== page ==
The tyranny of the scales

I weighed myself at the gym today, it made me remember once again why measuring myself this way is a waste of time.

When I first started losing weight in 2003, I was going to the gym every second day, and I weighed myself once a week. It was a good way of keeping track of the slowly diminishing number and gave me something to spur me on. Sometimes I’d gain weight and it would give me a fright, but in general, the trend was downward. Once I reached 83 kilos, the weight-loss stopped. I’d lost 45 kilos in about two years, so I was happy with this. Losing more weight would have involved serious dieting, and I didn’t think that was wise.

Since then, I have continued to eat sensibly and exercise regularly, and my weight has fluctuated very little. There have only been two only exceptions to this, in 2008-2009 and 2011.

In 2008-2009 I was very ill, culminating in the removal of my gall bladder. Both before and after surgery, I had trouble eating and dropped to about 78 kilos. The weight gradually climbed and settled again at 83 kilos once I got better. Isn’t that a funny thing?

Last year after the 22/02 earthquake, the huge changes we all went through altered my diet and exercise routine again. My weight jumped to around 87 kilos. I went back to the gym, refocused on what I was eating and once again I returned to 83 kilos.

So here’s my point …. today I weighed in at 84.5 kilos. In the past couple of months I’ve been doing a lot of running, and I know that I have changed my shape – I have more muscle and less fat. I’ve lost about half a dress size in the past two months. Not a lot, but just enough for me to notice that my clothes are looser. So I’ve gained weight and lost size.

So while the scales might be telling a sort of truth, it’s not a truth I want to listen to.

Update on lumbar number four

I’ve seen the chiropractor, Guy, three times now. He’s a nice man, if a little strange. He’s a man of few words, in that soft gentle kind of way. Which freaks me out and makes me chatter nervously when I visit. I wonder if maybe he thinks I’m a bit nutty…

When I asked him if it was okay to do exercise after he’d been cracking my back, he said, ‘yes, no problem’. He looked a little horrified when I responded, ‘Great, because I have an ice hockey game tonight and I don’t want to miss it’. I tried to explain that non-checking hockey is actually much less hard on the body than a lot of other sports, but I sensed his skepticism.

Then the following session I asked if it would be okay to go for a run. He said ‘I could say go for a slow jog, but you won’t be able to, will you?’. Ummm, no. I have two speeds, GO and STOP. And I only really use the second one when I crash.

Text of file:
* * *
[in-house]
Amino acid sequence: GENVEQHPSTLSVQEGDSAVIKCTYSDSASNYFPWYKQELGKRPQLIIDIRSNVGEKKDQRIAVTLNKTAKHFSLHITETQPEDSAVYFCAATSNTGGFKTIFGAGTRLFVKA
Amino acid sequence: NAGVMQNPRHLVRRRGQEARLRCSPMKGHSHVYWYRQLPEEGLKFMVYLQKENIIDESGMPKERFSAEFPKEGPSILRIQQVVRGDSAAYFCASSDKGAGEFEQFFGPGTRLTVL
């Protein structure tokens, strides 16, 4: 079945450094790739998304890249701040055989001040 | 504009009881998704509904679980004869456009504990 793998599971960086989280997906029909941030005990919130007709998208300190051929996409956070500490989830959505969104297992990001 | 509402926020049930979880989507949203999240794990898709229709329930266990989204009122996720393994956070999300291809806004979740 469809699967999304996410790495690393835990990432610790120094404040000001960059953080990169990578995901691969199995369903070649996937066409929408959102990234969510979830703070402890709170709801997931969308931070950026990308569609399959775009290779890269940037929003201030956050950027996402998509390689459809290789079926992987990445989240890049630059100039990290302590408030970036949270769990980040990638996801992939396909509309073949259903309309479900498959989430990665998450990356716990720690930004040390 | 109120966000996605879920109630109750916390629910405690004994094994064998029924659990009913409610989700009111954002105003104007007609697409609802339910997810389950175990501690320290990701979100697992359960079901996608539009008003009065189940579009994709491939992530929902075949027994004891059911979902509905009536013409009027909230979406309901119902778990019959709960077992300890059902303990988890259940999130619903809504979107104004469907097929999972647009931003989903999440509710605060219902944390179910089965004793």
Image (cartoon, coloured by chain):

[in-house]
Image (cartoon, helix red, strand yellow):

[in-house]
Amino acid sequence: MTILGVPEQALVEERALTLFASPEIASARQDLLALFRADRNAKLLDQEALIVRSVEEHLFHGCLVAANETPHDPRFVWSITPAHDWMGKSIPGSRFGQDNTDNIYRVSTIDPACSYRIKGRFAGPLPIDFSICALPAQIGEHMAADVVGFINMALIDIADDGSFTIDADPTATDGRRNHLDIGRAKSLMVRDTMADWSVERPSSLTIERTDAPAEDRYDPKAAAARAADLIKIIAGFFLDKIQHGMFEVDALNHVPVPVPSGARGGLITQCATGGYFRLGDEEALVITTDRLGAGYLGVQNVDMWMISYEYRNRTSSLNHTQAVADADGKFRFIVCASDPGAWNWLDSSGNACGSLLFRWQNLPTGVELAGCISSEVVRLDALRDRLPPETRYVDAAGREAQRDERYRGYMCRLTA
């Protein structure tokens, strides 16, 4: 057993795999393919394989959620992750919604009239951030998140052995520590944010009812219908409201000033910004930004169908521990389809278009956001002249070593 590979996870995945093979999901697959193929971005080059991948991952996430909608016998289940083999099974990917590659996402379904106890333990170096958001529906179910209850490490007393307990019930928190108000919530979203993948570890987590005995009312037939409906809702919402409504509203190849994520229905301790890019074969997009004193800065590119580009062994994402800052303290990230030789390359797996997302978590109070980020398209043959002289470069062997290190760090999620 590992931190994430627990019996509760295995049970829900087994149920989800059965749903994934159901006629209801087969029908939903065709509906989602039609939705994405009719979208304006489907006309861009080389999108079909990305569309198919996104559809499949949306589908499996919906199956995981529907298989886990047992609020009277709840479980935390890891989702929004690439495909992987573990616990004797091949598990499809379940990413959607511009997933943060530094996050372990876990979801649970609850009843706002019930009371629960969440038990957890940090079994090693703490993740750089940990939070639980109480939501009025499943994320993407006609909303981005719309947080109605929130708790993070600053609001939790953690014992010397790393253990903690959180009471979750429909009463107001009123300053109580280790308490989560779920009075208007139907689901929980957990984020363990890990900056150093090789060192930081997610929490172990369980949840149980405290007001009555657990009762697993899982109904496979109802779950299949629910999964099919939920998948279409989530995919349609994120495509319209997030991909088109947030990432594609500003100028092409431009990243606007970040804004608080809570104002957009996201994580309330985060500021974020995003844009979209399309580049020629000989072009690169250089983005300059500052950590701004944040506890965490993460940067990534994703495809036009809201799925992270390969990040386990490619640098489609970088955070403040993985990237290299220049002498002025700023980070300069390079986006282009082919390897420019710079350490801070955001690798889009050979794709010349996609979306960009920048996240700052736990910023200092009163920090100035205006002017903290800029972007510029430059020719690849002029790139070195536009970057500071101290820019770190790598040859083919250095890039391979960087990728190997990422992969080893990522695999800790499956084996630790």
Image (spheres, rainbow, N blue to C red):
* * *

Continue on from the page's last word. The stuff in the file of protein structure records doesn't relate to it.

Anyway, the update. After the first session, the pain shifted from my right hip to my left hip. Weird, but apparently normal. After the second session it shifted from my hip to the middle of my back. And it was OMFG painful. Ouchie ouch ouch! Just as it was feeling better I had the third session. And just the same as the second session, I had one day of no pain followed by LOTS of pain in my back. All normal apparently. Guy seems to think the pain should be gone after two more sessions.

And I think I might just believe him. It does feel different. It’s painful, but much more specific and intense rather than feeling like my whole body is knackered. So that’s progress!

Oh and also, Guy totally fixed my shoulders. They were both hurting, one from hockey and the other from OOS, and now they are completely pain free. Guy says those injuries were easy to clear up because they were new. The back pain is from a 20-year-old untreated injury and my body has been compensating all this time. So he has to work backwards through all the compensations to the crux of the issue. Stephen thinks this is just code for “you’ll need lots of sessions at $50 each” but I think it sounds plausible.

Blah

I’ve been suffering with a variety of aches and pains lately. I’ve had migraines off and on for the past three weeks. They’ve left me feeling tired and washed out. Added to this is my regular lower back pain, which has flared up for reasons unknown.

A new problem is hip pain. When it first started a few months ago, I just figured I wasn’t stretching adequately after running, but it’s become progressively worse to the point where I’ve had to stop running altogether – since it hurts the most after I run. This makes me so sad. I love to run. It’s great exercise – good cardio, it gets me outside, and it clears my head. I’m really missing it.

I suspect that the back and hip pain, the migraines, and the shoulder and arm pain I’ve had for ages from OOS are all related. So I’ve booked in to see a chiropractor, following advice from a trusted friend. My basic assumption about this kind of practice is that it costs a lot of money for not much result – I’m a skeptic. So we shall see if it gets results. At this point I’m willing to give almost anything a try.